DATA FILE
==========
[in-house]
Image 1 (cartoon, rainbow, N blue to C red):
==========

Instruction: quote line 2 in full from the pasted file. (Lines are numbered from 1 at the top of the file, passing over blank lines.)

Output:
Image 1 (cartoon, rainbow, N blue to C red):